I detect something of a breakthrough among Roman Catholics in reaction to Pope Francis’ comments about contraception and the Zika. Christopher Kaczor does his best to help out the pope (even if it is way above his pay grade):
During Pope Francis’ flight from Mexico to Rome, a Spanish reporter posed this question: “Holy Father, for several weeks there’s been a lot of concern in many Latin American countries but also in Europe regarding the Zika virus. The greatest risk would be for pregnant women. There is anguish. Some authorities have proposed abortion, or else to avoiding pregnancy. As regards avoiding pregnancy, on this issue, can the Church take into consideration the concept of ‘the lesser of two evils?’”
In his answer, Pope Francis unequivocally condemned abortion, saying, “Paul VI, a great man, in a difficult situation in Africa, permitted nuns to use contraceptives in cases of rape. [The nuns were in constant danger of getting raped and therefore of pregnancy.] Don’t confuse the evil of avoiding pregnancy by itself with abortion. … [A]s with every human evil, each killing is condemned. On the other hand, avoiding pregnancy is not an absolute evil. In certain cases, as in this one, such as the one I mentioned of Blessed Paul VI , it was clear.”
The first part of the pope’s answer does not raise many questions, as it is a straightforward and unequivocal application of Catholic teaching that intentional killing of innocent human beings is seriously wrong. But what about the Bishop of Rome’s statements on contraception? Do his remarks indicate that using contraception is ethically permissible if the circumstances are dire? . . .
In his interview, Pope Francis could be understood as endorsing the view that the use of contraceptives such as a condom could be permissible in order to prevent the transmission of the Zika virus, which may be transmitted through sexual activity. On the other hand, his remarks are also open to the interpretation that forms of contraception, such as the pill, would be permissible in order to render sexual acts nonprocreative with the motivation that a child not be born with microcephaly. Given that Pope Francis is, in the very same interview, at pains to praise and show his agreement with Paul VI, the first interpretation is the more plausible one.
But other Roman Catholics from the left and right are not buying this and so are showing remarkable unity. Edward Peters finds the Pope’s construction of church teaching dubious:
No longer are we musing about a point of Church history (as interesting as that might be), now we are dealing with Church moral teaching. The stakes become dramatically higher.
So here’s my point: not only does the Congo nuns permission seem NOT to exist, but, even if it does exist in some form, it could NOT, I suggest, by its own terms, be used by Francis (or anyone else committed to thinking with the Church) to call into question the Church’s settled teaching that “each and every marital act [quilibet matrimonii usus] must of necessity retain its intrinsic relationship to the procreation of human life” (Humanae vitae 11) and that therefore “excluded is any action which either before, at the moment of, or after conjugal intercourse [coniugale commercium], is specifically intended to prevent procreation—whether as an end or as a means” (Humanae vitae 14).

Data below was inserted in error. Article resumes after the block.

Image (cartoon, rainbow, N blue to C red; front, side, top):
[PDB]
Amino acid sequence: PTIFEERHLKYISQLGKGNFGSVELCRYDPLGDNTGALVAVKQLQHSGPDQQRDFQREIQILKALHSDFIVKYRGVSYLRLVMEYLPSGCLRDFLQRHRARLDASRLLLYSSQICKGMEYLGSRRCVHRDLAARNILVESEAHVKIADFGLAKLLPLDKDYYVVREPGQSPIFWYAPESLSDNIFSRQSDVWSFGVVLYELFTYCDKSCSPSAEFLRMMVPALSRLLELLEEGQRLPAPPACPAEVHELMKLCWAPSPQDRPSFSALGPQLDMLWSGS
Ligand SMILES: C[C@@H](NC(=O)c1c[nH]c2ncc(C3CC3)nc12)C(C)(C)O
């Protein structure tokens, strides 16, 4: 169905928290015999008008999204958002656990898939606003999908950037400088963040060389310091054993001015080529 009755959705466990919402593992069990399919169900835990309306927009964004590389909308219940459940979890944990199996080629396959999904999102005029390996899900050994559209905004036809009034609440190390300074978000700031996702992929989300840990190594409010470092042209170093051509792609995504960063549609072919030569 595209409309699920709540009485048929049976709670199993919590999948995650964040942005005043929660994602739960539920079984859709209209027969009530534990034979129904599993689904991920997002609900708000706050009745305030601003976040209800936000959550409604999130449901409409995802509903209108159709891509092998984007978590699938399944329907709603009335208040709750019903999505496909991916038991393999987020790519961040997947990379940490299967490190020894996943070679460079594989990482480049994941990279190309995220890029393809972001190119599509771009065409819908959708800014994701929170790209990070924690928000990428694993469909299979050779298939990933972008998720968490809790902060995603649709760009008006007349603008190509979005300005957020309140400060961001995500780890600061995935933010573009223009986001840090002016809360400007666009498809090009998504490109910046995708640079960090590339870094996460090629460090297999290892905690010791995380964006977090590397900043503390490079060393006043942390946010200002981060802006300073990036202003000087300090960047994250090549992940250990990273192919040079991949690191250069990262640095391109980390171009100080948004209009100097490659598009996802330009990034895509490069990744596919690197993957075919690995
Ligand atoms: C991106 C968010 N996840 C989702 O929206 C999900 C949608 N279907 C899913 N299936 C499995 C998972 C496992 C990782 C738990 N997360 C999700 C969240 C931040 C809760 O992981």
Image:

Obviously the Congo nuns case (or the Balkan nuns story in the 1990s, to take another variation of the myth) was not about marital acts, it was about religious women facing criminal acts of violent sexual intercourse; the Congo question was not about possible birth defects, it was about stopping rapists’ sperm from reaching ova that perchance had been ovulated. Between women facing rape and wives worried about birth defects there simply is no parallel relevant to the moral question of contraception. One can like that fact or hate it, but one cannot change it or ignore it. Moreover, Church teaching on the immorality of contracepted marital acts is, I believe, taught infallibly; but, even if I were wrong about that technical claim, there is no question about what that teaching is, namely, that contracepting acts of marital intercourse, whether doing so as an end in itself or as means to some other end, is objectively immoral.
The precedents cited to render Francis’s statement consistent with standing teaching strike me as a stretch. Despite the pope’s own fleeting allusion to what is in fact a historically obscure episode involving nuns threatened by sexual assault in the Congo in the early Sixties, Francis was not talking about an apparently proactive prevention of forced conception from rapes that may or may not occur. He was not talking about prevention of transmitting a virus, parallel to HIV, from one marital partner to another. He was talking about the prevention of pregnancy.
And Humanae Vitae condemns any use whatsoever of contraception to prevent pregnancy—even as a “lesser evil … even for the gravest of reasons … even though the intention is to protect or promote the welfare of an individual, of a family or of society in general.” Nor, according to the encyclical, can “a whole married life of otherwise normal relations” justify such a single or temporary use.
My wager is that Pope Francis just doesn’t believe that. He respects it. He admires its author. He looks for the truth in it. But he doesn’t buy it.
But that’s pure guess on my part. The inability of church leaders, including the Holy Father, to speak straightforwardly about contraception has been a great disappointment.
This is unity, but it’s not the kind we’re supposed to notice.